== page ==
The Hate List by Jennifer Brown
Little, Brown Books for Young Readers, 2009 (Pbk. 2010)
4 out of 5
Five months ago, Valerie Leftman's boyfriend, Nick, opened fire on their school cafeteria. Shot trying to stop him, Valeria inadvertently saved the life of a classmate, but was implicated in the shootings because of the list she helped create. A list of people and things she and Nick hated. The list he used to pick his targets.
Now, after a summer of seclusion, Val is forced to confront her guilt as she returns to school to complete her senior year. Haunted by the memory of the boyfriend she still loves and navigating rocky relationships with her family, former friends and the girl whose life she saved, Val must come to grips with the tragedy that took place and her role in it, in order to make amends and move on with her life. (Description from Amazon)
Intense. That is the best word I can think of to describe this book. The book begins with Valerie's first day back to school after the shooting. She is still recovering, awkward, and afraid of her classmates reaction to her return. The rest of the story is told through Valerie's flashbacks and newspaper reports.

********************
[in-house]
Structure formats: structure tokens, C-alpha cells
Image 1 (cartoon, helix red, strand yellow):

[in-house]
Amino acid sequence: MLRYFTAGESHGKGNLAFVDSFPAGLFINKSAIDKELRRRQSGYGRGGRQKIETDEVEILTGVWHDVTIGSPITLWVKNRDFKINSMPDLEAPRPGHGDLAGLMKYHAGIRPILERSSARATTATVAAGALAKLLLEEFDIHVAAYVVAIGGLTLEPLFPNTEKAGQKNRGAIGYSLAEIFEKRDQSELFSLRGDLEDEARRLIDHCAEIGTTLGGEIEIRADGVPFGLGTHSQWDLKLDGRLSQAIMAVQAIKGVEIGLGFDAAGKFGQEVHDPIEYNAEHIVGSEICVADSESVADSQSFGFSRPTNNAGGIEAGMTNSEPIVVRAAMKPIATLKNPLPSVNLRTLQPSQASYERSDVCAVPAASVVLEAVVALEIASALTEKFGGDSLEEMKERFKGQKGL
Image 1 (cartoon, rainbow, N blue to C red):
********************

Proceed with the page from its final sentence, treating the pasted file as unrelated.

This book features a topic that I find terrifying. I was in middle school when Columbine happened and lived a bit of history as I experienced changes in policies and school safety as a result. I can't say that I was or was not worried about it actually happening, but I remember it leaving people keyed up on the subject. Those feelings returned as I was reading this book.
I felt sorry for Valerie. She found herself caught up in a scheme planned and executed by the person she loved; the person she thought understood her best in the world. Valerie's journey is a slow one, but also interesting. Ultimately, this book is about learning to live again.
There were parts of the story that I feel could have been fleshed out more: Be, the lover of all things purple, and Nick's weird older friend, for example. Everyone came down on Valerie, but it seems no one asked questions about that guy.
All in all though, I think this topic was handled quite well.